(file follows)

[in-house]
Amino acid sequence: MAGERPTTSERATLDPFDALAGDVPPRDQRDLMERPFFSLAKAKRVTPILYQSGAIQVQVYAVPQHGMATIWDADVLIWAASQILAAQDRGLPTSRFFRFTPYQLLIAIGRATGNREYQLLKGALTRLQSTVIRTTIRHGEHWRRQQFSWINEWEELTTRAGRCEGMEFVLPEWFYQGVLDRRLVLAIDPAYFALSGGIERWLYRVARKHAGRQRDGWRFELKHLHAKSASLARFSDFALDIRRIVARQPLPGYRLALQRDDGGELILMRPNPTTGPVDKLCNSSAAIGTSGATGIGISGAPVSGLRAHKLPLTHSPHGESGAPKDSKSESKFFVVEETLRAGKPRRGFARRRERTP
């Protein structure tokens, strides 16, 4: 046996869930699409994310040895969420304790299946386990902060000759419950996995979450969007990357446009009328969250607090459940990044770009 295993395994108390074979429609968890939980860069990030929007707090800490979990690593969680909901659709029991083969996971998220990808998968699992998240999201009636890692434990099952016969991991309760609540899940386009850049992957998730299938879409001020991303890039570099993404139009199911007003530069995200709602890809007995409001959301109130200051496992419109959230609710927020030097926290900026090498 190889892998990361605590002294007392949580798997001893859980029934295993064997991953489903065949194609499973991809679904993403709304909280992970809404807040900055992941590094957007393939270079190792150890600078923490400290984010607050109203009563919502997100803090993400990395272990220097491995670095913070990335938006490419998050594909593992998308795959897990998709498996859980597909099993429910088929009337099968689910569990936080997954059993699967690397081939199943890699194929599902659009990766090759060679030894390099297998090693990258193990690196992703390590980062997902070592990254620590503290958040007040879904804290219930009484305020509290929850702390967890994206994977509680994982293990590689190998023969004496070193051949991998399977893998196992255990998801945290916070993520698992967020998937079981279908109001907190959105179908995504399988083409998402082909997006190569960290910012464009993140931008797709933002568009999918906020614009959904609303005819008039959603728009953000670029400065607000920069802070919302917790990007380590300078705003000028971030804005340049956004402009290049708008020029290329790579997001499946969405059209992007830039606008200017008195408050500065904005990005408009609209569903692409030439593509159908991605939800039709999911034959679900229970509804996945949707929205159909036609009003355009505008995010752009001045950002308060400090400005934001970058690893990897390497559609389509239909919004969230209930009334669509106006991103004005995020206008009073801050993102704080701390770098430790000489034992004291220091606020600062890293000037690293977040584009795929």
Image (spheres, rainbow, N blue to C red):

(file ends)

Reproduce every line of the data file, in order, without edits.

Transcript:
[in-house]
Amino acid sequence: MAGERPTTSERATLDPFDALAGDVPPRDQRDLMERPFFSLAKAKRVTPILYQSGAIQVQVYAVPQHGMATIWDADVLIWAASQILAAQDRGLPTSRFFRFTPYQLLIAIGRATGNREYQLLKGALTRLQSTVIRTTIRHGEHWRRQQFSWINEWEELTTRAGRCEGMEFVLPEWFYQGVLDRRLVLAIDPAYFALSGGIERWLYRVARKHAGRQRDGWRFELKHLHAKSASLARFSDFALDIRRIVARQPLPGYRLALQRDDGGELILMRPNPTTGPVDKLCNSSAAIGTSGATGIGISGAPVSGLRAHKLPLTHSPHGESGAPKDSKSESKFFVVEETLRAGKPRRGFARRRERTP
């Protein structure tokens, strides 16, 4: 046996869930699409994310040895969420304790299946386990902060000759419950996995979450969007990357446009009328969250607090459940990044770009 295993395994108390074979429609968890939980860069990030929007707090800490979990690593969680909901659709029991083969996971998220990808998968699992998240999201009636890692434990099952016969991991309760609540899940386009850049992957998730299938879409001020991303890039570099993404139009199911007003530069995200709602890809007995409001959301109130200051496992419109959230609710927020030097926290900026090498 190889892998990361605590002294007392949580798997001893859980029934295993064997991953489903065949194609499973991809679904993403709304909280992970809404807040900055992941590094957007393939270079190792150890600078923490400290984010607050109203009563919502997100803090993400990395272990220097491995670095913070990335938006490419998050594909593992998308795959897990998709498996859980597909099993429910088929009337099968689910569990936080997954059993699967690397081939199943890699194929599902659009990766090759060679030894390099297998090693990258193990690196992703390590980062997902070592990254620590503290958040007040879904804290219930009484305020509290929850702390967890994206994977509680994982293990590689190998023969004496070193051949991998399977893998196992255990998801945290916070993520698992967020998937079981279908109001907190959105179908995504399988083409998402082909997006190569960290910012464009993140931008797709933002568009999918906020614009959904609303005819008039959603728009953000670029400065607000920069802070919302917790990007380590300078705003000028971030804005340049956004402009290049708008020029290329790579997001499946969405059209992007830039606008200017008195408050500065904005990005408009609209569903692409030439593509159908991605939800039709999911034959679900229970509804996945949707929205159909036609009003355009505008995010752009001045950002308060400090400005934001970058690893990897390497559609389509239909919004969230209930009334669509106006991103004005995020206008009073801050993102704080701390770098430790000489034992004291220091606020600062890293000037690293977040584009795929």
Image (spheres, rainbow, N blue to C red):